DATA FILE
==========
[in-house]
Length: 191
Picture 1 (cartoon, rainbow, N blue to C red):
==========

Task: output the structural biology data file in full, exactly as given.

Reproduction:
[in-house]
Length: 191
Picture 1 (cartoon, rainbow, N blue to C red):